A Tesla Model S electric automobile, a model which recently won Consumer Reports' Top Scoring Car award and aced the NHTSA's crash rating system, caught fire yesterday in an incident near Seattle. Tesla's shares fell 6.2 percent on the day as a result of the incident.

"Yesterday, a Model S collided with a large metallic object in the middle of the road, causing significant damage to the vehicle," Tesla said in a statement to Jalopnik. "The car’s alert system signaled a problem and instructed the driver to pull over safely, which he did. No one was injured, and the sole occupant had sufficient time to exit the vehicle safely and call the authorities. Subsequently, a fire caused by the substantial damage sustained during the collision was contained to the front of the vehicle thanks to the design and construction of the vehicle and battery pack. All indications are that the fire never entered the interior cabin of the car. It was extinguished on-site by the fire department."

The 85 kWh lithium ion battery is located under the floor of the passenger compartment of the Model S. Only one of the 16 modules was damaged when a metallic object was thrown up from the road and impacted the battery pack. There were no injuries in the fire, which was tackled by firefighters from the Kent Regional Fire Authority. This video, taken by a passer by, shows the fire.

International Business Times relates that, based on an incident report filed by the Regional Fire Authority of Kent, Washington, the fire appeared at one time to be brought under control, but the flames reignited. As water seemed to intensify the fire, firefighters began to use a dry chemical extinguisher. In the end, the front end of the car had to be disassembled. Holes were punched in the battery pack, and a circular saw provided access to apply water to the battery, which finally quenched the fire.

The US government is not investigating the incident, as it has shut down nonessential operations.

UPDATE, October 4, 2013:

Tesla has released the following statement regarding the incident:

About the Model S fire

By Elon Musk, Chairman, Product Architect & CEO

Earlier this week, a Model S traveling at highway speed struck a large metal object, causing significant damage to the vehicle. A curved section that fell off a semi-trailer was recovered from the roadway near where the accident occurred and, according to the road crew that was on the scene, appears to be the culprit. The geometry of the object caused a powerful lever action as it went under the car, punching upward and impaling the Model S with a peak force on the order of 25 tons. Only a force of this magnitude would be strong enough to punch a 3 inch diameter hole through the quarter inch armor plate protecting the base of the vehicle.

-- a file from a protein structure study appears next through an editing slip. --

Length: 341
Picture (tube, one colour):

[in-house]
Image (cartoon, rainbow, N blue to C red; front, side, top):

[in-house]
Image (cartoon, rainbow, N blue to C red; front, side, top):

The Model S owner was nonetheless able to exit the highway as instructed by the onboard alert system, bring the car to a stop and depart the vehicle without injury. A fire caused by the impact began in the front battery module – the battery pack has a total of 16 modules – but was contained to the front section of the car by internal firewalls within the pack. Vents built into the battery pack directed the flames down towards the road and away from the vehicle.

When the fire department arrived, they observed standard procedure, which was to gain access to the source of the fire by puncturing holes in the top of the battery's protective metal plate and applying water. For the Model S lithium-ion battery, it was correct to apply water (vs. dry chemical extinguisher), but not to puncture the metal firewall, as the newly created holes allowed the flames to then vent upwards into the front trunk section of the Model S. Nonetheless, a combination of water followed by dry chemical extinguisher quickly brought the fire to an end.

It is important to note that the fire in the battery was contained to a small section near the front by the internal firewalls built into the pack structure. At no point did fire enter the passenger compartment.

Had a conventional gasoline car encountered the same object on the highway, the result could have been far worse. A typical gasoline car only has a thin metal sheet protecting the underbody, leaving it vulnerable to destruction of the fuel supply lines or fuel tank, which causes a pool of gasoline to form and often burn the entire car to the ground. In contrast, the combustion energy of our battery pack is only about 10% of the energy contained in a gasoline tank and is divided into 16 modules with firewalls in between. As a consequence, the effective combustion potential is only about 1% that of the fuel in a comparable gasoline sedan.

The nationwide driving statistics make this very clear: there are 150,000 car fires per year according to the National Fire Protection Association, and Americans drive about 3 trillion miles per year according to the Department of Transportation. That equates to 1 vehicle fire for every 20 million miles driven, compared to 1 fire in over 100 million miles for Tesla. This means you are 5 times more likely to experience a fire in a conventional gasoline car than a Tesla!

For consumers concerned about fire risk, there should be absolutely zero doubt that it is safer to power a car with a battery than a large tank of highly flammable liquid.

— Elon

Sources: Jalopnik, International Business Times